Indian Maidens Bust Loose
By Vidya Samson
Copyright (c) 2012 by Vidya Samson
All rights reserved. With the exception of excerpts for review purposes, no part of this publication may be reproduced or transmitted in any form or by any means, electronic or mechanical, without permission of the copyright holder.
This ebook is a work of fiction. Names, characters, places, brands, and incidents are either products of the author’s imagination or are used fictitiously.
Winning By A Nose
Possibly, somewhere in India, there was a girl who got excited at the prospect of a “bride-seeing” meeting, but it was hard to imagine. For years my sister Vinita and I had been subjected to meetings with boys neither of us would bother to kick. All arranged by Papa, who apparently resented the food we ate. We had long since given up hope.
So, on this hot June evening, we headed downstairs to prepare for Papa’s latest suitor pick. Since I was the target this time, Vinita should have gloated, given her nature. But we took turns at being victims, so there was some solidarity when it came to the suitor problem.
At the bottom of the stairs we encountered a newly hung portrait of Hanuman, the monkey god.
“Papa’s at it again,” said Vinita.
Apparently so. From time to time, Papa would hang extra portraits of gods around the house to impress visitors, usually members of the ultraconservative Bharatiya Sanskruti Ke Rakshak, or BSR. This was a local, relatively powerless version of the Vishwa Hindu Parishad, which had passed on Papa as a member. That, in itself, spoke volumes about his desirability when it came to rabid organizations. I had always thought of him as being perfectly rabid. On occasion, anyway.
Ma, knowing he was putting up the portraits for the wrong reasons, took them down after they had served their purpose. Like temporary help, I supposed. There remained permanent portraits of Ganesh in the living room, Krishna in the dining area, and Shiva in my parents’ bedroom. On the walls of Vinita’s room were hung portraits of famous mathematicians. I had nothing on my walls, which either meant I had no heroes or that I had saved some money.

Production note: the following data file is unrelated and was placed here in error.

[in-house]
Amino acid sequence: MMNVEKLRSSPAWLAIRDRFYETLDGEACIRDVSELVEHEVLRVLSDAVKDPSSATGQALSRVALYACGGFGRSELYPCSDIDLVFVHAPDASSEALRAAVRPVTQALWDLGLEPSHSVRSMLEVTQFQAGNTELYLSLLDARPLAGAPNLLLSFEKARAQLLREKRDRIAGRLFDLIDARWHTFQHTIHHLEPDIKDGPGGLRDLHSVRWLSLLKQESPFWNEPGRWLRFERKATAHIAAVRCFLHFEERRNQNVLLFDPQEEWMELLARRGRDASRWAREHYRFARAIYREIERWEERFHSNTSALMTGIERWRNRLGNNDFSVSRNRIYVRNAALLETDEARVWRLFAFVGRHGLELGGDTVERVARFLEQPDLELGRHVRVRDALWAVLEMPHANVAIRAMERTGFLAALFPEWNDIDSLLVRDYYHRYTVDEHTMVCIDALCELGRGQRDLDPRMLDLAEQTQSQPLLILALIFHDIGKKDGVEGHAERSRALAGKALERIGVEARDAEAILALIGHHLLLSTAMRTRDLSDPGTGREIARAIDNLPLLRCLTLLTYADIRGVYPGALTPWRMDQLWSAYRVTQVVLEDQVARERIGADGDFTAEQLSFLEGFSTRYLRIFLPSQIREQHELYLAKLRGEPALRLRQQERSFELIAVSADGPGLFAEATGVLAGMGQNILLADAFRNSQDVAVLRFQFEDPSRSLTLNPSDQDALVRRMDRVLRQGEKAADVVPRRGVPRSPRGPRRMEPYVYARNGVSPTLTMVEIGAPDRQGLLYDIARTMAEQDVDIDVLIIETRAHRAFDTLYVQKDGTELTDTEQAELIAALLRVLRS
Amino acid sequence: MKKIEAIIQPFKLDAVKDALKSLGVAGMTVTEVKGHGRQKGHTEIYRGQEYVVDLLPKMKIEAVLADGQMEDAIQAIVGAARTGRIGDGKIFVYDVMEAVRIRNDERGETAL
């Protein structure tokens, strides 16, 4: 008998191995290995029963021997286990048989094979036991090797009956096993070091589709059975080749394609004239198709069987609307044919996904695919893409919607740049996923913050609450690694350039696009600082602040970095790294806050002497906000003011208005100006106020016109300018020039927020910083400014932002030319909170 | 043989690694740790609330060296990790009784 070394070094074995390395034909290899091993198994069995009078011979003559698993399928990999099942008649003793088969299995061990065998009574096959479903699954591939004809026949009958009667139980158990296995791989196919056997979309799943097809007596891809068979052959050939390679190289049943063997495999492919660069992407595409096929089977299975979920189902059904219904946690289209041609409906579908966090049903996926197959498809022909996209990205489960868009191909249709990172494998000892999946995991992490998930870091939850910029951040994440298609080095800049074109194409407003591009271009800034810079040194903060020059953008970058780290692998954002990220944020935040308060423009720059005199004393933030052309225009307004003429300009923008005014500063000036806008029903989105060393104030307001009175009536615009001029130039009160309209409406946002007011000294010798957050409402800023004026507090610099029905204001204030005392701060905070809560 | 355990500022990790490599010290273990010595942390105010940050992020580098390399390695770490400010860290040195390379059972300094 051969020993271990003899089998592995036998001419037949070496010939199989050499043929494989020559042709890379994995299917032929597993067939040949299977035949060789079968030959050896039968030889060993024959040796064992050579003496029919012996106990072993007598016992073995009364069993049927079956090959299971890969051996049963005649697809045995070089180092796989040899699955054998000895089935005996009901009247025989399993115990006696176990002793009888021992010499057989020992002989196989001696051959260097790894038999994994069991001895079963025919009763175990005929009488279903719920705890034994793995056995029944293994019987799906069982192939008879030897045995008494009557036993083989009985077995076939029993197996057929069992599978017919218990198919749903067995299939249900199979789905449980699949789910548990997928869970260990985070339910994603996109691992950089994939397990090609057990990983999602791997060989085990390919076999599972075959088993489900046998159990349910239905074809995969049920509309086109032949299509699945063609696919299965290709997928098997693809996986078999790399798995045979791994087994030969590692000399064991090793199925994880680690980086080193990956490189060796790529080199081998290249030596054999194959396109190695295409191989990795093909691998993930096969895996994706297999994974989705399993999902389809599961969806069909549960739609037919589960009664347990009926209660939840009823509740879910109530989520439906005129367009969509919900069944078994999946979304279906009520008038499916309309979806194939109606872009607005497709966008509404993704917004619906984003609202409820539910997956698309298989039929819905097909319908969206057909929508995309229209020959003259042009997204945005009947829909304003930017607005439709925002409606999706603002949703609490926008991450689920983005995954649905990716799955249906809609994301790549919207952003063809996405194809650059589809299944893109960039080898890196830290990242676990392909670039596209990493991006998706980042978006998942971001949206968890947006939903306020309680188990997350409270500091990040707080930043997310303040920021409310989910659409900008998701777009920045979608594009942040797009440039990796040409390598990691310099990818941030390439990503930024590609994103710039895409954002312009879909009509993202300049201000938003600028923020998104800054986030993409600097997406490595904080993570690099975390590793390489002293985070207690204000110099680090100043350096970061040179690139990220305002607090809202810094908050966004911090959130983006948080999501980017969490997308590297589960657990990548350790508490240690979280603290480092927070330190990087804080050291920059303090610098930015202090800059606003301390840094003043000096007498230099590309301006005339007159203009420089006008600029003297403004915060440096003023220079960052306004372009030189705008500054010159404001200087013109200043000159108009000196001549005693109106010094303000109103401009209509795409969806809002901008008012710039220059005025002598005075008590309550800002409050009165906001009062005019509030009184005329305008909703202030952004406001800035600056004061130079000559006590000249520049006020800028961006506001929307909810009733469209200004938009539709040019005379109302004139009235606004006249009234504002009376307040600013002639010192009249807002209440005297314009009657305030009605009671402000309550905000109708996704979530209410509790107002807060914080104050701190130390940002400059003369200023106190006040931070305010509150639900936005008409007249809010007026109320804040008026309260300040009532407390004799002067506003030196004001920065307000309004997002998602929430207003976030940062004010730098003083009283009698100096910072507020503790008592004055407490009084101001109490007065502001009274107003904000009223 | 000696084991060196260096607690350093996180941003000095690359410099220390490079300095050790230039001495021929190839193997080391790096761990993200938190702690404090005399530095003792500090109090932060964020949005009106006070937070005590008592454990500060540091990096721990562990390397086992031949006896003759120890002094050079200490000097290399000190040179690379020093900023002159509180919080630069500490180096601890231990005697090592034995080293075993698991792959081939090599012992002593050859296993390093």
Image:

Along with Papa’s extra deity portraits would come BSR pamphlets, strewn on tables here and there. We found some of those on the dining table.
“I wonder if he put the pamphlets out to impress the suitor’s family?” I hoped not, for the ultra-conservative suitors were the most unpleasant to deal with.
Vinita stepped into the living room and checked. “I don’t see any on the side table, so the pamphlets must be for us.”
“Could be worse. He could read them to us.”
A chilling thought. “Don’t even joke about that.”
“So, what are you wearing for this meeting?”
“Something new. Come see.”
We went upstairs to my room, where I laid out two cheap outfits, purchased expressly for the suitor business. Vinita glanced at them and grimaced. “Ugh.”
“Splendid.” Vinita’s taste in clothing was abysmal. If she saw the outfits as ugly, they really, truly were, by any standard. That was the whole idea. It made my goal of suitor repulsification easier to achieve.
“What if the suitor turns out to be…adequate?”
I knew she had almost said desirable, then reality had checked her. “I don’t think we have to worry. Papa may be less than competent in some ways, but he can really pick the losers.”
“True. What was I thinking?” She pointed at one of the outfits. “The orange and yellow one is hideous.”
I snatched it up. A two-piece suitor repellent.